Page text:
With the recent global economic downturn, companies worldwide are looking for ways to trim costs. Within the healthcare industry, the Affordable Care Act of 2010 was designed to address some of these fiscal concerns by requiring employers with 50 or more full-time employees to offer health insurance coverage to their full-time staff. Opponents of the law claim that this will increase healthcare costs for employers and will thus cause a massive shift toward temporary and part-time labor. Evidence of this trend has already begun to surface, with the U.S. Bureau of Labor Statistics citing a steep rise in the hiring of temporary and contracted healthcare workers, mirroring the trend all across the service industry. By hiring more part-time labor, companies (hospitals included) are able to circumvent the Affordable Care Act’s full-time employee health insurance mandate. Contracted health workers are not afforded the same protections as full-time employees, and typically are not given equivalent vacation time, pay, or health insurance benefits.
Hospitals face even more incentive to hire temporary and contracted healthcare workers due to their somewhat unique fluctuations in labor demand. Severe injuries and illnesses that warrant a hospital stay do not often stay within established predictive metrics. This causes hospital administrators difficulties when planning schedules for hospital employees, and these difficulties may be further compounded by a local shortage of nursing personnel, physicians, or other specialized labor. When faced with the choice of either not being able to provide quality healthcare services to their patients or the prospect of hiring more temporary labor, hospitals typically choose the latter.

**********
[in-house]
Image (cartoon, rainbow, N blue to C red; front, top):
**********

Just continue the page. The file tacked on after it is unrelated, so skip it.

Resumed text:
Though hospitals and other companies may trim their health insurance premiums by hiring more contracted healthcare workers, we must ask: what about the impact on patient safety? Do contracted healthcare workers pose more of a risk than the labor savings are ultimately worth? Some studies indicate that temporary hospital employees, particularly nurses, have often been trained more recently than full-time career nurses and that training shows up in better overall hospital performance.
Other assessments are not as optimistic, however. Many hospitals, especially when demand for labor is high, do not have rigorous screening procedures for hiring new temporary employees. This practice puts patient safety at risk by exposing vulnerable people to potentially harmful employees. Not surprisingly, impact on patient safety is difficult to measure when placed in financial terms. Should incidences of misconduct perpetrated by contracted healthcare workers begin to gain attention, hospitals may see reduced admission rates, leading to financial crises and other problems.